Chocolate milk is a recovery drink. At least that’s what I tell myself every morning when I drink a glass at breakfast: “three times a day isn’t an addiction it’s simply my way of preparing for the day.”
When I got the opportunity to attend the Governor’s School for Agriculture, I never thought chocolate milk would be a central part of my day-to-day routine. However, it has certainly become one. On day one of Governor’s School, I first saw the shining little box of magic full of tastiness that dispenses chocolate milk. Since then, I have had at least one glass of chocolate milk per meal. Needless to say, the chocolate milk was too good to only have with meals. At Governor’s School, we had several classes taught by Nicola Nunoo and Jama Coartney, two Virginia Tech professors. In one class, we had a group activity to practice researching and writing papers. Our group quickly concluded that researching chocolate milk as a recovery drink would be a great topic, so we carried out a quick dive into articles found on the trustworthy sci-hub (a nifty resource that removes the cost barriers to many scientific articles) before we wrote our short practice paper on Choccy Milk™.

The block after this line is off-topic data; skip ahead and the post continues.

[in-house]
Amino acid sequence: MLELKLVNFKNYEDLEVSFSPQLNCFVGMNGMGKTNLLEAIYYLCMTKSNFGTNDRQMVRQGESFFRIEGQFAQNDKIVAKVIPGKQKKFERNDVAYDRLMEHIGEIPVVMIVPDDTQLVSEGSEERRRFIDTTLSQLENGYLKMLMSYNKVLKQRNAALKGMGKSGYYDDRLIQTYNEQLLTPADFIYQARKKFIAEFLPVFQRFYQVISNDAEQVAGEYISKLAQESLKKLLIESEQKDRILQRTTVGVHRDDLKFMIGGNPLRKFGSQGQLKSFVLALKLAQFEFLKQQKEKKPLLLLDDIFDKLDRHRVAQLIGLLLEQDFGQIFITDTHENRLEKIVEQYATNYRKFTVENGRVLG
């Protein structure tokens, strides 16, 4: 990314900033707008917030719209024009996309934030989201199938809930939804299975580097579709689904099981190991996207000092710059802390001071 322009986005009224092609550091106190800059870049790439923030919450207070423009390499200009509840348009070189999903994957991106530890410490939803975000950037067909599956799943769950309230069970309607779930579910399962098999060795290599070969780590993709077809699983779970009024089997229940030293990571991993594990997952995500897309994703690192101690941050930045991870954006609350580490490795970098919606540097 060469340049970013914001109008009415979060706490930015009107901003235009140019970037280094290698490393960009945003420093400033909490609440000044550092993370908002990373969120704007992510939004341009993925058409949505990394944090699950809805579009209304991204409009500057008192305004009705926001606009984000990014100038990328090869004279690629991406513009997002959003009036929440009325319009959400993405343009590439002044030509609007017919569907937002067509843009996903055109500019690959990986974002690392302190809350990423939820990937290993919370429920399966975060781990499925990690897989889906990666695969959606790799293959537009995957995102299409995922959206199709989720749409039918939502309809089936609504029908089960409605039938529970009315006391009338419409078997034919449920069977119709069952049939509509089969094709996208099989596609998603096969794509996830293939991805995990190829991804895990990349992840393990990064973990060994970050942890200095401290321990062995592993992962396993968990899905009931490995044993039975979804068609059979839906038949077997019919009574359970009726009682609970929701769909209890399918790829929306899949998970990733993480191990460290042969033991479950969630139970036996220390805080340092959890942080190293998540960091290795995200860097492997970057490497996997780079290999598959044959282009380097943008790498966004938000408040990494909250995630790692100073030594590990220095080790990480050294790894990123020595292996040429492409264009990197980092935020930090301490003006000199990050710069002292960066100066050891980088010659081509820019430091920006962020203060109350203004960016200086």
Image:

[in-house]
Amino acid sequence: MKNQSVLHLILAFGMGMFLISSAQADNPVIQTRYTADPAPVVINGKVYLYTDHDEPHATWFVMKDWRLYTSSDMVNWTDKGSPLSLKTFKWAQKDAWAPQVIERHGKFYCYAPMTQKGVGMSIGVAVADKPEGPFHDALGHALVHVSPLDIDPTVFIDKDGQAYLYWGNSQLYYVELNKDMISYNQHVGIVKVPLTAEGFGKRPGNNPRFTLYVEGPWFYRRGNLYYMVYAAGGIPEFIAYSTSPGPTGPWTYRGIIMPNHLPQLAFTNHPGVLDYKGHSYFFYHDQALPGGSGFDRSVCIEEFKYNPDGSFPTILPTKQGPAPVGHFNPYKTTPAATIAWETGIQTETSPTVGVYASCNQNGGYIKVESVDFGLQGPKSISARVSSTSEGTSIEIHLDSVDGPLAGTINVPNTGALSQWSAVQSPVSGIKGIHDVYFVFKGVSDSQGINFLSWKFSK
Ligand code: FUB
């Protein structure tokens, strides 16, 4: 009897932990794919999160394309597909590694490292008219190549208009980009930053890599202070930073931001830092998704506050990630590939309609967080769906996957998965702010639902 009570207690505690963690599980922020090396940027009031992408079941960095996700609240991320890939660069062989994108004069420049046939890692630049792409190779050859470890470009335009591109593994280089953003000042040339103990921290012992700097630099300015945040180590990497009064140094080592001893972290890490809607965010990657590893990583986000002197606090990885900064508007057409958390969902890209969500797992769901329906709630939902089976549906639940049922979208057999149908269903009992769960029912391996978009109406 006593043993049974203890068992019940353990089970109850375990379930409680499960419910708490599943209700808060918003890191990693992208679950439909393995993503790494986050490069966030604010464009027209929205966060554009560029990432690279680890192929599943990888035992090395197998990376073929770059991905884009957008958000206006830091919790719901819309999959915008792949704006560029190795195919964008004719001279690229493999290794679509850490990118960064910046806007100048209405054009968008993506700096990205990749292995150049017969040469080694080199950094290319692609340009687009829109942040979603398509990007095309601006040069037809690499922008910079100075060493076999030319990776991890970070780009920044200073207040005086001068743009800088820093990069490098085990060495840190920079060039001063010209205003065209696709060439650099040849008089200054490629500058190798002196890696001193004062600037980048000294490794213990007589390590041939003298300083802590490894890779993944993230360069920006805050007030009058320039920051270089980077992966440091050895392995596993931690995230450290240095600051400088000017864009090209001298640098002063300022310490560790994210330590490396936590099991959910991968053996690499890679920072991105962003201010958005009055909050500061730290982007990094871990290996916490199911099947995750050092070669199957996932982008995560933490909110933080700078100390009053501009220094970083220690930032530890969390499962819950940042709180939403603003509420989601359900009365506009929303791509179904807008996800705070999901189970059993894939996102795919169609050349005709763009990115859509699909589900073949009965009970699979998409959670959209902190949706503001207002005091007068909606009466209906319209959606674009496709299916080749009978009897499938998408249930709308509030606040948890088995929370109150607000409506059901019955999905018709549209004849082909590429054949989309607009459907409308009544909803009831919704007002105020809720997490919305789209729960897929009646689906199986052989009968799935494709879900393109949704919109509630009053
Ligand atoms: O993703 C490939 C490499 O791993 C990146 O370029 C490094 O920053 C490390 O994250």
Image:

Later in Governor’s School, I got the chance to learn about the sourcing of chocolate milk when we visited Kentland Farm, a local farm that works with Virginia Tech. Kentland Farm has about 400 cows of which about 200 are used for milking while the other 200 are calves. At Kentland Farms, we toured their barns and saw cows getting milked. Cows are incredibly interesting animals and can produce around 9 gallons of milk per day. This milk is then cooled and stored before being processed at a local facility and shipped to the magical chocolate milk machines back at Virginia Tech.